Fire team of 4? Sounds good to me, so long as khan is our saw and I'm second in lol.

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Re: Basic Room Clearing Tactics

Post by PC-02 » Wed Sep 05, 2012 22:58

Plenty of good pointers in there guys, def worth a read.

If I may add one myself, that is a PATCOM SOP....... Never go in alone. Ever.
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Re: Basic Room Clearing Tactics

Post by Switch556 » Tue Apr 23, 2013 02:21

Another tip, violence of action. The actions must be performed with a speed and controlled ferocity as to dominate the area you are breaching with such intensity as to overwhelm the enemy and get into your positions of domination and overlapping sectors of fire.

This doesn't mean reckless... slow is smooth, smooth is fast... It means you train until there is no hesitation and zero loss of energy in your movements.

"Amatures train until they get it right, professionals train until they cant it wrong."
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Re: Basic Room Clearing Tactics

Post by CliffnoteUSAF » Mon Sep 16, 2013 15:49

In the last few months I've adopted a saying, and use it when I'm teaching our Urban block of training:
"If you feel unemployed, get a job."

In a dynamic, ever-changing CQB environment, everyone should be able to find something, ANYTHING to do. If you can't contribute to the mission, you shouldn't be there! As a group, watch your 360 and "720" (720 = 3-dimensional, not just your 12, 6 & flanks, but overhead and below too). And if every possible angle is covered, double up at key areas. If not behind cover, go high-low, one player on a knee, the other one taking aim over his shoulder or head. But don't just stand around waiting your turn; it's tactically unsound, and *GASP* what's even worse? It looks crappy on YouTube.

The specific reason I'm addressing this point is VIDEOS LIKE THIS (9:48 - 10:54). We've seen it a million times, and IMO it always looks like a bag of smashed asses. No matter how L33T-DEVGRU-MUNKEYBAWLZ you think your tactics are, you always look like garbage when the scene outside the door is a tactical & hurried semblance of the waiting line at the DMV. Zero situational awareness at the unit level, nevermind the individual players. Who's observing the surrounding town and buildings? We're assaulting an occupied structure, but who's watching the high ground (the windows above)?

And once inside, it shouldn't be a camouflaged congo-line to the next doorway or stairwell. Set up security on the unknown, continue to maintain a 360/720, wait for additional buddies to stack up, then make the next entry. Everyone else..."Oh gee do we keep getting in line and form the biggest stack of fake operators EVAR?! *sigghhh* NO. Spread out and occupy that lower floor. Make it a defensible position. This isn't simply a Point A to Point B path you're on. If the area outside the building is semi-secure, then leave a couple friendlies out there. You don't need a million-man entry team! Plus, if your entry causes the enemy to turn tail and jump out a window, is there anyone outside to cut 'em off? (ok maybe in this case, but often it's ignored), everyone is still in line, auditioning for American Entry Team Idol.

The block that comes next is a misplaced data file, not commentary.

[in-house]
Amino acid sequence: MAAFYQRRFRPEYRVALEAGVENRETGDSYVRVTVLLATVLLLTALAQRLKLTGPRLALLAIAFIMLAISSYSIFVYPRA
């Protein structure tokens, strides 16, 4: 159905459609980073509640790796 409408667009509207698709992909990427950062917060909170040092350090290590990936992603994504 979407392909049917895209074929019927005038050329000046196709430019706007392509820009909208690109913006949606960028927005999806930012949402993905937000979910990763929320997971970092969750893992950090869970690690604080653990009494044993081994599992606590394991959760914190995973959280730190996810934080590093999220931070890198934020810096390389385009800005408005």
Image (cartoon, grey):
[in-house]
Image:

Maybe everyone is just too preoccupied with getting their "busting into a room RAWR!" experiences that they paid good money for. But it's not like any enemy were left for the 8th thru 54th player to even shoot at.

:END RANT:
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Re: Basic Room Clearing Tactics

Post by Jason_Cain » Mon Sep 16, 2013 23:27

HAHAHAHAAA that part of the clip is priceless. Very good points.

I'm not exactly sure but I remember an article using the phrase "keep looking for work." It can be used in combat (looking for angles to cover, other things to take care of) or in training (look for work to do to improve yourself mentally, physically, tactically, or technically). Essentially: don't become complacent

I feel like one of the hardest things to do at first is to cover your sector and not keep looking around to make sure your buddies are covering theirs. You've just gotta trust that they're watching their areas and your back. Take turns busting in the doors (figuratively) and running security.